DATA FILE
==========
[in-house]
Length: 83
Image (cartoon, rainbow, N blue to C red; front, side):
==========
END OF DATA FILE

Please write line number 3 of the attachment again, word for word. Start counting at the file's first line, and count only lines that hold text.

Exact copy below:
Image (cartoon, rainbow, N blue to C red; front, side):